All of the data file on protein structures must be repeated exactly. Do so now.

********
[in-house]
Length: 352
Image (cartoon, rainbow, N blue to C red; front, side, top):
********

[in-house]
Length: 352
Image (cartoon, rainbow, N blue to C red; front, side, top):